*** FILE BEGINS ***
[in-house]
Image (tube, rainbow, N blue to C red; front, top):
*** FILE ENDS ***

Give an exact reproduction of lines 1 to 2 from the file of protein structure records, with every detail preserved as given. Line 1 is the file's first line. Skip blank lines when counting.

[in-house]
Image (tube, rainbow, N blue to C red; front, top):